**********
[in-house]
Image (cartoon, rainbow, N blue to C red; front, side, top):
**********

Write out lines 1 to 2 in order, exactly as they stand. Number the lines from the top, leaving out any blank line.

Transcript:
[in-house]
Image (cartoon, rainbow, N blue to C red; front, side, top):